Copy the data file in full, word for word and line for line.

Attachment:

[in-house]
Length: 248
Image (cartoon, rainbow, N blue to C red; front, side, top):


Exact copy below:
[in-house]
Length: 248
Image (cartoon, rainbow, N blue to C red; front, side, top):